This post is in a series
Twelve unique characteristics of IoT based Predictive
analytics/machine learning .
I will be exploring these ideas in the Data
Science for IoT course /certification program when
Here, we discuss IoT devices and the nature of IoT data
Definitions and terminology
makes some bold predictions for IoT devices
The Internet of Things will be the largest device market in the
By 2019 it will be more than double the size of the smartphone,
PC, tablet, connected car, and the wearable market combined.
The IoT will result in $1.7 trillion in value added to the
global economy in 2019.
Device shipments will reach 6.7 billion in 2019 for a five-year
CAGR of 61%.
The enterprise sector will lead the IoT, accounting for 46% of
device shipments this year, but that share will decline as the
government and home sectors gain momentum.
The main benefit of growth in the IoT will be increased
efficiency and lower costs.
The IoT promises increased efficiency within the home, city, and
workplace by giving control to the user.
say internet things investment will run 140bn next five
Also, the term IoT has
many definitions – but it’s important to remember that IoT is
not the same as M2M (machine to machine). M2M is a telecoms term
which implies that there is a radio (cellular) at one or both ends
of the communication. On the other hand, IOT means simply
connecting to the Internet. When we are speaking of IoT(billions of
devices) – we are really referring to Smart objects. So, what makes
an Object Smart?
What makes an object smart?
Back in 2010, the then Chinese Premier
Wen Jiabo once said “Internet + Internet of things =
Wisdom of the earth”. Indeed the Internet of Things revolution
promises to transform many domains .. As the term Internet of
Things implies (IOT) – IOT is about Smart objects
For an object (say a chair) to be ‘smart’ it must have three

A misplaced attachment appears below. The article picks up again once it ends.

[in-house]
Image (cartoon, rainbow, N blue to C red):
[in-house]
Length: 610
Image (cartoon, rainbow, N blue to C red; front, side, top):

- An Identity (to be
uniquely identifiable – via iPv6)
- A communication
mechanism(i.e. a radio) and
- A set of sensors /
For example – the chair may have a pressure sensor indicating
that it is occupied
Now, if it is able to know who is sitting – it could co-relate
more data by connecting to the person’s profile
If it is in a cafe, whole new data sets can be co-related (about
the venue, about who else is there etc)
Thus, IOT is all about Data ..
How will Smart objects communicate?
How will billions of devices communicate? Primarily through the
ISM band and
Bluetooth 4.0 /
Bluetooth low energy. Certainly not through the cellular
network (Hence the above distinction between M2M and IoT is
important). Cellular will play a role in connectivity and there
will be many successful applications / connectivity models (ex
Jasper wireless). A more
likely scenario is
IoT specific networks like Sigfox (which could be deployed by
anyone including Telecom Operators). Sigfox currently uses
the most popular European ISM band on 868MHz (as defined by ETSI
and CEPT), along with 902MHz in the USA (as defined by the FCC),
depending on specific regional regulations.
Smart objects will generate a lot of Data ..
Understanding the nature of IoT data
In the ultimate vision of IoT, Things are identifiable,
autonomous, and self-configurable. Objects communicate among
themselves and interact with the environment. Objects can sense,
actuate and predictively react to events
Billions of devices will create massive volume of streaming and
geographically-dispersed data. This data will often need real-time
responses. There are primarily two modes of IoT data: periodic
observations/monitoring or abnormal event reporting. Periodic
observations present demands due to their high volumes and storage
overheads. Events on the other hand are one-off but need a rapid
reponse. If we consider video data(ex from survillance cameras) as
IoT Data, we have some additional characteristics.
Thus, our goal is to understand the implications of predictive
analytics to IoT data. This ultimately entails using IoT data to
make better decisions.
I will be exploring these ideas in the
Data Science for IoT course /certification program
when it’s launched. Comments welcome. In the next part of
this series, I will explore Time Series data